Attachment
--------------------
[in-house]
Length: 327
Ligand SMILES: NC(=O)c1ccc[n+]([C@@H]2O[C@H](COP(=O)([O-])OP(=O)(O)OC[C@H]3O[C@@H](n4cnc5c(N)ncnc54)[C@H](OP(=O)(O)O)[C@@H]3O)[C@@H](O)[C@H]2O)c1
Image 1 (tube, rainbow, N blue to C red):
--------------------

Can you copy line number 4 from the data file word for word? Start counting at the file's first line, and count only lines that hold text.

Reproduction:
Image 1 (tube, rainbow, N blue to C red):